Think of London and perhaps the first thing that springs to mind is high finance or politics. But the city is also home to an enormous retail, hospitality and tourism market. It’s also a varied environment, including industries that flourish in central London and in the outer boroughs.
In London’s outer boroughs alone, over 7% of residents work in “tourism characteristic industries” according to the ONS, reflecting the focus on passenger transport as this is the location of Heathrow Airport.
It’s these industries that were among the hardest hit by the ongoing coronavirus pandemic. London was at the forefront of the pandemic’s direct impact in the UK in March and April 2020.
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The economic consequences of COVID-19 continue to unfold:
- The number of people claiming unemployment benefits increased by 2.5 times between January and May, compared to a UK average of 2.1 times.
- Advertised job vacancies were down 56% in July compared to their pre-crisis level, much like the rest of the country.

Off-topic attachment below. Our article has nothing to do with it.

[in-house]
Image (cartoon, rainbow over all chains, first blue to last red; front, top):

The economic recovery in London has been uneven. Different parts and sectors of the city are recovering at different rates. Data on take-up of the government Job Retention Scheme confirm London’s resilience in professional and financial services, where remote working has enabled operation through the crisis.
Londoners and regional commuters have been avoiding public transport, so with 82% of commutes into the city centre usually made on public transport, a great deal of pre-crisis activity remains suppressed.
The viral outbreak has created some incidental benefits, however. Some spending has shifted to secondary town centres. Some smaller town centres such as Southall or East Ham have seen increases in transactions, while larger town centres have seen smaller decreases than in central London. So far London’s recovery looks suburban.